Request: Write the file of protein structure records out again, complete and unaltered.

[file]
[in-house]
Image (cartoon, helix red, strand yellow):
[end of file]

[in-house]
Image (cartoon, helix red, strand yellow):